Getting better at this begins with putting more energy into the start of the entire process.  If we can communicate clearly what we need, and how it fits into the larger picture, we can save ourselves a lot of pain later on as the process unfolds.  Here some ways to approach making a good start.

1.  Focus on the outcome. First, we can focus our thinking more on the end result, and less on the process that gets us there.  If we need an omelet, we don’t necessarily need to tell them how to crack the egg – let them work that out; they might even be better at it than we are.  That’s a good thing.

As General George Patton is famous for saying, “Never tell people how to do things.  Tell them what to do and they will surprise you with their ingenuity.”

Certainly, there are parameters and processes they will need to abide by, but the more latitude we can allow, the greater the chance we will be pleasantly surprised by what they come up with.  The key here is not blocking, but unlocking the potential contained between the other person’s ears.

Leaders strive to unlock the potential contained between other people’s ears. Click To Tweet

2.  Write it out. This can be helpful both for us and the person taking on the project.  The act of putting in words what we want done can help us to reach clarity.  The written direction can also serve as a common point of reference as the project proceeds. 

Do this in advance of delegating the task, and it can help us crystallize our thoughts. 

  • What should the end result look like?
  • What resources will they need to accomplish it?
  • What priority does the project have?
  • What decisions do we need to be involved in?
  • What checkpoints should we put in place to ensure the project is on track?

It can help to picture ourselves in the position of the person taking on the task.  If we were to suddenly find ourselves standing on a frozen lake in the tundra, what would it be helpful to know? 

I’d add, too, that it’s best if we keep things simple, and avoid boiler plate jargon.  Mowat’s instructions may have sounded official, but in his moment of need, the best use for the written guidance he got would have been as tinder to start a warming fire.

3.  Discuss. If the project is important, then it deserves more than a drive-by tasking in the hallway.  Dedicate time to a focused discussion.  We can share our vision of the outcome, and see if they have any initial thoughts or questions.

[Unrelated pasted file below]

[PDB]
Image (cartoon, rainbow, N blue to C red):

After that first talk, ask them to come back and outline how they plan to approach the project.  This will give them a chance to raise any questions that may not have occurred to them at first.  At the same time, it will help us rest easier knowing that they do not intend to travel to the wrong continent, or overload their canoe with unnecessary “provisions.”

Delegate Better – The Takeaway

Delegate Better - Involute_wheelTo delegate better, it helps to devote energy at the beginning to increase the chances of getting what we need at the end.  By clarifying the outcome we seek, writing out a clear plan, and having a focused discussion about it, we can ensure that the component we have them building will mesh neatly with all the other parts of the machine.

One last thing.  When we talk of getting the result we want, there’s another outcome that we should account for.  It’s the effect the project has on the teammate who we charged with carrying it out.

Delegating better as leaders means not only getting the job done, but strengthening the team in the process.  As we put together our delegation plan, we should seek to do it in a way that develops skills, builds trust, reinforces team culture, follows the vision, and stays true to our cornerstone values.

That may sound like a lot, but if we really do learn to delegate better, we end up with more time on our hands. 

One of the things we can spend that extra time on is….delegating better.

Lead On!

For more specifics on mastering the art of delegation, check out this post series; each features a short video.

How to Delegate, Part I:  Delegate or Die!
How to Delegate, Part II:  What to Hand Off
How to Delegate, Part III:  The Who and the How

Credit:  Involute Gear Wheel gif by Claudio Rocchini – Own work, CC BY 2.5,

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About the Author: Ken Downer
Ken Downer - Founder RapidStart Leadership

Ken served for 26 years in the Infantry, retiring as a Colonel.  From leading patrols in the Korean DMZ, to parachuting into the jungles of Panama, to commanding a remote outpost on the Iran-Iraq border, he has learned a lot about leadership, and has a passion for sharing that knowledge with others.  Look for his weekly posts, check out his online courses, subscribe below, or simply connect, he loves to talk about this stuff.